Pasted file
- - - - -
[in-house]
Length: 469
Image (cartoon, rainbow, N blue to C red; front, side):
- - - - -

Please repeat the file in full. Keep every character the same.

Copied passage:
[in-house]
Length: 469
Image (cartoon, rainbow, N blue to C red; front, side):